6 financial health tips for Christmas

Money Management -

Have you ever considered how much you spend on Christmas each year?

Christmas can be an expensive time of year, and according to comparison site finder.com.au the average Australian household will spend $1,010 on Christmas this year.

Many of us fund our Christmas spending from our savings, however one in four Australians won’t have enough cash saved to cover Christmas expenses and will have to rely on credit cards instead, potentially putting themselves in debt for the new year. 

This year it may be further exacerbated by the recession, with recent unemployment figures showing roughly 1 in 10 Australian will be out of work this Christmas.

So we have put together some top tips to hopefully make this year’s Christmas a bit easier and a bit less of a hit on the hip pocket.

1. Plan ahead

  • Open a Christmas savings account at the beginning of the year;
  • Make a list early in the year so you can take advantage of sales when they come up;
  • Reuse gift paper and gift bags saved during the year;
  • Save on delivery if purchasing online by buying in bulk;
  • Sacrifice one expense for the next couple of weeks - this could be coffee, takeaway or magazine subscription to help have some extra funds.

2. Instead of buying, try homemade

  • COVID-19 has really shown us that having a personal touch really matters to people and what better way to emphasis this than making gifts for your loved ones?
  • Don’t be afraid to think differently and give gifts of service by creating your own redeemable coupons for thing such as cooking dinner, a free car wash, mowing the grass or running an errand. The possibilities are endless.
  • Cook at home and don’t be afraid to ask your visitors to share the cost of the meal by bringing along something extra food or drinks.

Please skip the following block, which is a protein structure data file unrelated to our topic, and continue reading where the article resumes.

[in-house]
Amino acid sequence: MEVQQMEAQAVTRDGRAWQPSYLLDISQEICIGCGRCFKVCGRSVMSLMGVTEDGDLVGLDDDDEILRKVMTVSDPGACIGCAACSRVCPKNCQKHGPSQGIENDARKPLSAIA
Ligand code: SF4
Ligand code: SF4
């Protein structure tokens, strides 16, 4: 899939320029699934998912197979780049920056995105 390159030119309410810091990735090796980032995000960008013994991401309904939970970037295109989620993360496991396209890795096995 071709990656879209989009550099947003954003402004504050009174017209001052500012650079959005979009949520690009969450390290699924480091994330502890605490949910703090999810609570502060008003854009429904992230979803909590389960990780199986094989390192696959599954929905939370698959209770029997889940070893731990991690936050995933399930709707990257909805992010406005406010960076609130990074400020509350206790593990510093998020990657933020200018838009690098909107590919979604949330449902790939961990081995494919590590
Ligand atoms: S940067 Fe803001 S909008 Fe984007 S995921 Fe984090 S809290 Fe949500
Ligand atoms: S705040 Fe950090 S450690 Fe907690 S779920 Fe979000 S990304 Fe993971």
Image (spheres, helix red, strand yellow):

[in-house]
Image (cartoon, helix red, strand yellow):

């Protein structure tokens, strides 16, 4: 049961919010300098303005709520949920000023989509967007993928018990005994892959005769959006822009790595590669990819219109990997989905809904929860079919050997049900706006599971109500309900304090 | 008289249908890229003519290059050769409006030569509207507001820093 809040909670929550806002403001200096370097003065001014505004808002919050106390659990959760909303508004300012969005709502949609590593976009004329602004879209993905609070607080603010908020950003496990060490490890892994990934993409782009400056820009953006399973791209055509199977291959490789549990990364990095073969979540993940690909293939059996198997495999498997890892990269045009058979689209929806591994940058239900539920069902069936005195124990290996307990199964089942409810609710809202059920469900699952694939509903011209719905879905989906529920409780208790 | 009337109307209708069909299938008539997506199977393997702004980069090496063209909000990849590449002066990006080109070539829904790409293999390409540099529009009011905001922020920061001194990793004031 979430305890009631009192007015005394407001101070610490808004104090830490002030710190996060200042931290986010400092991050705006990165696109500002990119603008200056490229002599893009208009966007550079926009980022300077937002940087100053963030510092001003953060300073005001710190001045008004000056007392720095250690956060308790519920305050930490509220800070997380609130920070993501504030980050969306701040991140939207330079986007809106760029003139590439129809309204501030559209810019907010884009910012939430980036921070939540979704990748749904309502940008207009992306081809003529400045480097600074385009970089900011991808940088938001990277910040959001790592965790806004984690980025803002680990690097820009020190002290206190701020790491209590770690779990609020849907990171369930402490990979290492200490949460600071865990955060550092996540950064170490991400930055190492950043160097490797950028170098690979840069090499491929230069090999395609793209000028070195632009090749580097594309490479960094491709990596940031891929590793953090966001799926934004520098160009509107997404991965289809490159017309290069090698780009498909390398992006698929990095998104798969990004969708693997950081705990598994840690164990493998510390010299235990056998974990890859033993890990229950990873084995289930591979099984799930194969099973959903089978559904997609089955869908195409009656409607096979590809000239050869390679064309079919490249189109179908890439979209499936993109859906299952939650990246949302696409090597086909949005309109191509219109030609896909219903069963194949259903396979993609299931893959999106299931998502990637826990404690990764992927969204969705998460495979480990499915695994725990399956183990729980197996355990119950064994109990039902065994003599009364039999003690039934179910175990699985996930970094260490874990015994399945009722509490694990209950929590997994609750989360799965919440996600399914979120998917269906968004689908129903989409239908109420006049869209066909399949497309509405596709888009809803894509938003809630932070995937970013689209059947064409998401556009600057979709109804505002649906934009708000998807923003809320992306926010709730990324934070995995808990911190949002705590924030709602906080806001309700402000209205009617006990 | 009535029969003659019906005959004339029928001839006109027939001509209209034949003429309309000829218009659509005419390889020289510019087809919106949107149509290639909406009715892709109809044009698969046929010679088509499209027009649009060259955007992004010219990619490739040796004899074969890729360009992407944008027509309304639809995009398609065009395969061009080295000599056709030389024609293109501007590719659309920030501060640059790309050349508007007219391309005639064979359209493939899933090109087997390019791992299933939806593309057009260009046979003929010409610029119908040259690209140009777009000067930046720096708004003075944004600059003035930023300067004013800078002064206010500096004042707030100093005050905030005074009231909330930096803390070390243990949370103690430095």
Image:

3. Secret Santa

  • Consider organising a secret santa with your family or friends instead of the having to buy gifts for everyone – this is particularly useful for the adults.

4. Take up a small freelancing job on the side

  • Given the popularity of platforms like Airtasker or Fiverr, what better way to make a few extra bucks than drawing on your skills to assemble furniture or gardening or handyman tasks, the possibility is endless. Here is a guide on how to create a side hustle

5. Think different this year

  • Send virtual Christmas cards instead of physical ones;
  • Shop online (online can be cheaper for first time customers with discounts or credits on first orders);
  • Use ‘price match’ offers as retailers compete to have your business this year;
  • Don’t be afraid to set present dollar limits or suggest spending time together instead of exchanging gifts;
  • Check your credit card interest rate and consider arranging a balance transfer to a 0% rate after Christmas;
  • Consider joining a loyalty program to collect points towards free gifts or travel.

6. Things not to forget as we head towards 2021

  • As we approach end of the year don’t forget to use any unused credits from your health funds, e.g. some health funds will pay for a remedial or sports massage which would be a great Christmas present for yourself;
  • There will be a lot of unwanted gifts after Christmas, so if you are planning on buying something for yourself consider checking the second-hand market in January where you may be able to pick up a bargain;
  • If you do receive unwanted Christmas present, try to return them for a refund credit voucher. Alternatively, you could try selling them - you won’t get the retail price for the item, but it is better than leaving it at the bottom of your draw.

It has been a hard year for everyone - it's important that you are looking after your financial health as well as your physical and mental health. If you need further advice on budgeting or money management as part of a wealth plan, find an adviser here. 

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